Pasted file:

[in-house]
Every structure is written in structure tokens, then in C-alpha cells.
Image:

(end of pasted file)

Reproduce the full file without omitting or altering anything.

[in-house]
Every structure is written in structure tokens, then in C-alpha cells.
Image: